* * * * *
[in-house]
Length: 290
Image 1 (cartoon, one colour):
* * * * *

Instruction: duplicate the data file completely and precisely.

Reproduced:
[in-house]
Length: 290
Image 1 (cartoon, one colour):